Iowa... Where Presidents Begin

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click on each candidate to see today's news stories (caricatures by Linda Eddy)

Wednesday, June 18, 2008


Reuters Poll: Obama has narrow lead on McCain

Democrat Barack Obama has a narrow 5-point lead on Republican John McCain in the U.S. presidential race, but holds a big early edge with the crucial swing voting blocs of independents and women, according to a Reuters/Zogby poll released on Wednesday.


McCain, Obama clash on terrorism

The campaigns of Sens. John McCain and Barack Obama on Tuesday engaged in a heated exchange over the rights of terrorism suspects, with each side accusing the other of embracing a policy that would put the country at risk of more attacks in the future.


... "He's advocating a policy of delusion," Randy Scheunemann, a McCain adviser, said of Obama. Former CIA director R. James Woolsey Jr. said Obama's attitude "ignores that we are in a war against terrorism."

Scheunemann described Obama as having the "perfect manifestation of a Sept. 10 mind-set," saying he "does not understand the nature of the enemy as we face it."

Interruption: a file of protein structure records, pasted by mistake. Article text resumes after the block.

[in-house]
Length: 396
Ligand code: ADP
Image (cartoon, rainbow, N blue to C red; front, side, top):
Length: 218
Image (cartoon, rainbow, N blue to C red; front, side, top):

... "Let's think about this: These are the same guys who helped engineer the distraction of the war in Iraq at a time when we could have pinned down the people who actually committed 9/11," Obama told reporters on his campaign plane. He said his statements about Guantanamo Bay were intended to suggest that suspects have a right to be heard, not freed, and accused McCain (R-Ariz.) of playing political games on national security.


Huckabee says don't denigrate Obama

"Republicans will make a fundamental if not fatal mistake if they seek to win the election by demonising Barack Obama," Huckabee told a news conference on a visit to Tokyo.

The former Arkansas governor said that, having grown up in the segregated South, he never thought he would see an African-American win the nomination of a major party for the US presidency.

"I do not want to have anyone misrepresent or miss the opportunity to celebrate what I think is a landmark achievement, not just for Barack Obama, but for the United States of America," he said.






John McCain... today's headlines with excerpts

McCain to Obama: you're just like Carter

Speaking in Houston, where many energy companies are headquartered, McCain said of Obama, "He supports new taxes on oil producers. He wants a windfall-profits tax on oil, to go along with the new taxes he also plans for coal and natural gas.

"If the plan sounds familiar, it's because that was President Jimmy Carter's big-idea tool - and a lot of good it did us..."

Politico: McCain plays with fire on offshore drilling